Jeff Wickens awarded HFSP Grant

A grant that’s more than funding but fostering a new line of research.

On March 28, 2019 the Human Frontier Science Program (HFSP) announced that a team led by Prof. Jeff Wickens, head of the Neurobiology Research Unit at Okinawa Institute of Science and Technology Graduate University (OIST), has been awarded a highly competitive three-year Program Grant. The team includes researchers from the United States, Israel and Japan who will use the one million USD over the next three years to study acetylcholine and dopamine, brain chemicals important in memory and learning.

Professor Jeff Wickens and postdoctoral researcher Julie Chouinard, are both in the Neurobiology Research Unit at Okinawa Institute of Science and Technology Graduate University (OIST).

“We will be visualizing these chemicals interacting with each other in the brains of mice as they perform tasks,” Wickens said. “We will use new sensors produced by genetically modifying the nerve cells that allow us to observe the chemicals as they swirl through the networks. These chemicals are involved in human disorders like Parkinson’s disease, but our current understanding is limited because we have not been able to visualize them together in live brains.”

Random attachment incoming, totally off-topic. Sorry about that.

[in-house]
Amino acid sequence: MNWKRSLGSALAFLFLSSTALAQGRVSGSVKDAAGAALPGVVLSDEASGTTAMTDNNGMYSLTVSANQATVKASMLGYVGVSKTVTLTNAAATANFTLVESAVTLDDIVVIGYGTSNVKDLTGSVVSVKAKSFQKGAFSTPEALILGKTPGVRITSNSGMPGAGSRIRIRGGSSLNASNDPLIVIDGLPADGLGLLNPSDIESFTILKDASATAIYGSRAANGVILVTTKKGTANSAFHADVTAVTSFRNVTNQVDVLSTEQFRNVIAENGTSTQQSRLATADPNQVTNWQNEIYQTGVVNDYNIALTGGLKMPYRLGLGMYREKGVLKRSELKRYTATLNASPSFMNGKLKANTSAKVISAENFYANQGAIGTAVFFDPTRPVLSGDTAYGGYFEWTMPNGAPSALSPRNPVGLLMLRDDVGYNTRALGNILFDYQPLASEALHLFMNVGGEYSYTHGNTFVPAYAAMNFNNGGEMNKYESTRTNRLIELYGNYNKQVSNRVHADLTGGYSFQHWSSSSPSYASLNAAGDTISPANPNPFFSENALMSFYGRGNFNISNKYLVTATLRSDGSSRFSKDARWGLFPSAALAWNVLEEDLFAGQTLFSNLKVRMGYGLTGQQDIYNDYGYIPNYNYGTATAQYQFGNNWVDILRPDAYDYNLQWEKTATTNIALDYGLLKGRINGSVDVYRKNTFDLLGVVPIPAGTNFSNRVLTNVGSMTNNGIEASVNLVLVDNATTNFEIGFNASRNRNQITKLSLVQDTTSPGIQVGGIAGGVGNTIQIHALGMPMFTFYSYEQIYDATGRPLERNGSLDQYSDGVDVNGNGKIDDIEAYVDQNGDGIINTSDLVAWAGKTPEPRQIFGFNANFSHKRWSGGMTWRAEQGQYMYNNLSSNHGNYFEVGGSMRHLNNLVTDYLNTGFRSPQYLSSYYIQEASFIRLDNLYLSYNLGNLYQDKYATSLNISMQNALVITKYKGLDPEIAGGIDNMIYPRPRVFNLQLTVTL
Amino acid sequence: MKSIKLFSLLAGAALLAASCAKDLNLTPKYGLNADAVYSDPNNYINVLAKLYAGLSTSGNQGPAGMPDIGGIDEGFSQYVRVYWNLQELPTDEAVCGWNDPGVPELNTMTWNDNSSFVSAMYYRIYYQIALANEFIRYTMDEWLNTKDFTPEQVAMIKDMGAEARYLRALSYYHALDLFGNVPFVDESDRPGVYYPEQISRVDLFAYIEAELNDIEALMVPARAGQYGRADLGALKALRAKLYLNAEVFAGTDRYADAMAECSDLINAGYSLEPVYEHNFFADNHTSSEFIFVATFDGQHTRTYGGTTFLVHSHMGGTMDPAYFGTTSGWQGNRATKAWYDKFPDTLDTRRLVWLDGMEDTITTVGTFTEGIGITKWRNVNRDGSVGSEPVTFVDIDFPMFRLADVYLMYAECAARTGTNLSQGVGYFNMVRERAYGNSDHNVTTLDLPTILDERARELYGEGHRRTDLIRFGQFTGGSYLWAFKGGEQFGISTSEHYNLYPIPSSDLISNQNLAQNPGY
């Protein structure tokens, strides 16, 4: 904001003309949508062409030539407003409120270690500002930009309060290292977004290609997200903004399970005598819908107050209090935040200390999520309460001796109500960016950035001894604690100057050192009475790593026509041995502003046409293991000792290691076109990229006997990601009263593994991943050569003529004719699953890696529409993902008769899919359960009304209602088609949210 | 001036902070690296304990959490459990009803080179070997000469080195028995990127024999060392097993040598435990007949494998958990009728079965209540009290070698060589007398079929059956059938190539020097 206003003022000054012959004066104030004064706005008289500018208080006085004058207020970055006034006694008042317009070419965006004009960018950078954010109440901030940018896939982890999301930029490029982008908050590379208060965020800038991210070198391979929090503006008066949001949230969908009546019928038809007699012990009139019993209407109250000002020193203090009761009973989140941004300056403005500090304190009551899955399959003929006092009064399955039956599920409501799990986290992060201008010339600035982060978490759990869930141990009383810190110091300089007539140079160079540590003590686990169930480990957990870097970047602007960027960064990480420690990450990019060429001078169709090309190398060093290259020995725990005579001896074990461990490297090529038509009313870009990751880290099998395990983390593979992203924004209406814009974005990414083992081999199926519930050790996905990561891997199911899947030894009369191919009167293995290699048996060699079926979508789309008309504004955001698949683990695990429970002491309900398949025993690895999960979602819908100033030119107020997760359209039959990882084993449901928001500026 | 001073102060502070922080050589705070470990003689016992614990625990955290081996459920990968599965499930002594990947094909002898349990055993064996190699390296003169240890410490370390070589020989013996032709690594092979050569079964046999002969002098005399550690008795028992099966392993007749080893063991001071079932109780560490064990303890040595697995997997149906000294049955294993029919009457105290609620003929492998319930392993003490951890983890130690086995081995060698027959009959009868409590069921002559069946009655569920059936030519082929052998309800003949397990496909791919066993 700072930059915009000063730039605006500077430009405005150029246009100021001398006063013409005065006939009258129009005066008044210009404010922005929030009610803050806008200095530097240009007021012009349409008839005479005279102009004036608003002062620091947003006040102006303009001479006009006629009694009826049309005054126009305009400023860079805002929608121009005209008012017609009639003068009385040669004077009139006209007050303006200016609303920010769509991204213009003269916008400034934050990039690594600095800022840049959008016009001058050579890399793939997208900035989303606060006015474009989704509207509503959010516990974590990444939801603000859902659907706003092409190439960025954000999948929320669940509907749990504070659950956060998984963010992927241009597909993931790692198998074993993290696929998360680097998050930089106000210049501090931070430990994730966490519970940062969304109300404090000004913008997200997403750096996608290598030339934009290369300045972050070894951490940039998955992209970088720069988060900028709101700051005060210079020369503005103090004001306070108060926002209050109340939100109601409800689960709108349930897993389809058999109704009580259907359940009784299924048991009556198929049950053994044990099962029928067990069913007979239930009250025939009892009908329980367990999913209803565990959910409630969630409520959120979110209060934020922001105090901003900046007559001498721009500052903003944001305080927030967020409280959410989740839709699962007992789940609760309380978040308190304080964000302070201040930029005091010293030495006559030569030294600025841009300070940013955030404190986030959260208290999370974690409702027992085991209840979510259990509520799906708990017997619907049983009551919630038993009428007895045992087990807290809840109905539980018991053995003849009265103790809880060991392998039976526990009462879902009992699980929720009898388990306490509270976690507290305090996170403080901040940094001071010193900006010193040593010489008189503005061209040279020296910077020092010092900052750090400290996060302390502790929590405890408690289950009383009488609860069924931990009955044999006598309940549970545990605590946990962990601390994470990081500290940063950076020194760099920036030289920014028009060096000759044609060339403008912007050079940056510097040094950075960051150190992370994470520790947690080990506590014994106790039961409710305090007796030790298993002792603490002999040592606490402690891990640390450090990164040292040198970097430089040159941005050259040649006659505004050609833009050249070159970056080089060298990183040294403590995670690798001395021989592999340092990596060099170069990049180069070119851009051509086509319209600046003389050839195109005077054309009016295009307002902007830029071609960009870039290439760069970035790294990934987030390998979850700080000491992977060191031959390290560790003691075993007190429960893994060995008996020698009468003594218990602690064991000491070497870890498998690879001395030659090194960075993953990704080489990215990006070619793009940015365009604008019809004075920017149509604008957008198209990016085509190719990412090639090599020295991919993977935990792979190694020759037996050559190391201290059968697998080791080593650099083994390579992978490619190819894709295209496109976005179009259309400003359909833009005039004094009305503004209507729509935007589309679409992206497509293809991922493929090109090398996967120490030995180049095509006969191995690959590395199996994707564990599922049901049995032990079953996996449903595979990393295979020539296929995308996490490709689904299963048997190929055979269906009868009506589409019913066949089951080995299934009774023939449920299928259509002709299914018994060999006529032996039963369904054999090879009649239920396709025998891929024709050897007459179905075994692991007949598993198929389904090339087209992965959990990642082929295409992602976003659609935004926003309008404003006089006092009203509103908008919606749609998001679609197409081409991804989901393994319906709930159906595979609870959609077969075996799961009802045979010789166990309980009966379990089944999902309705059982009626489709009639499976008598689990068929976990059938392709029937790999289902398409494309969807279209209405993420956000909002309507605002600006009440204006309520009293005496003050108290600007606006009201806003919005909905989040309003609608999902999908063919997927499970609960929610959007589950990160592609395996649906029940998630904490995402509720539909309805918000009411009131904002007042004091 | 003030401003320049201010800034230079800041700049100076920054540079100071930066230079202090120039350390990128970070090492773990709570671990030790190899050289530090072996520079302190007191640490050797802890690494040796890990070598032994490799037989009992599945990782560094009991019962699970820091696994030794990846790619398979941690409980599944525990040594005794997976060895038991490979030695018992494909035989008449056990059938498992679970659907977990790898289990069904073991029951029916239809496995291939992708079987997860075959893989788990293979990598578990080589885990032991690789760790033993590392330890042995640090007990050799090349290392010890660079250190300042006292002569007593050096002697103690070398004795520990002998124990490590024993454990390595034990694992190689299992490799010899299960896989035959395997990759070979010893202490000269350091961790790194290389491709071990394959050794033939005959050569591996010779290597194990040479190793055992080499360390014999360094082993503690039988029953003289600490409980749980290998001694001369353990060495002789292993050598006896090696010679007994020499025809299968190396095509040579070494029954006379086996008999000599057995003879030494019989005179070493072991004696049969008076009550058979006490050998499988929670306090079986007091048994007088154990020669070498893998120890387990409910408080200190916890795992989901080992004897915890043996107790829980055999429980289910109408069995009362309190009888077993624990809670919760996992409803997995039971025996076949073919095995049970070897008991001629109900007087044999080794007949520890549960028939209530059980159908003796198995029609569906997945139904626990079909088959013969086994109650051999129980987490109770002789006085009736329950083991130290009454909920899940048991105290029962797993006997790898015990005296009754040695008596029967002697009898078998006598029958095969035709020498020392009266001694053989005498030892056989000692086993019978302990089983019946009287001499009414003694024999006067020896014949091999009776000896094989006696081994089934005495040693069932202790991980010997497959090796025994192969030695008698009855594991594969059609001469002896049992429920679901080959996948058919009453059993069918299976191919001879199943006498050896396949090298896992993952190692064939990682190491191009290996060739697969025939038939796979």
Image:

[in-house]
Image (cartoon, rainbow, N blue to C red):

To Wickens, the grant is more than funding, it is fostering a new line of research through a unique collaboration. The team of three all bring in different expertise for the experiments. Dr. Lin Tian of University of California, Davis, is designing and creating the new sensors, and Dr. Joshua Goldberg of The Hebrew University of Jerusalem is developing a mathematical model based on his measurements of cell firing activity, which helps predict dynamic patterns when the chemicals interact. Wickens will be developing behavioral tasks, together with OIST postdoctoral researcher Julie Chouinard who worked on the grant, and visualizing the chemical patterns occurring in the brain.

A unique component of the research is the use of virtual reality to control what the mice experience. Virtual reality allows changes to the environment at the click of a button, without disturbing the animal.

“People have used virtual reality before, but to study navigation,” Wickens said. “We want to look at the motivational aspects of learning. We will be changing the way it is used, by programming it for our tasks, and comparing with behavior in a more natural environment.”

HFSP grants fund research in life sciences. The program is based in France and supported by 13 countries and the European Union. This year there were over 800 preliminary proposals that were narrowed to 86 proposals that then submitted a full proposal for the grant, of which 25 were fully funded.


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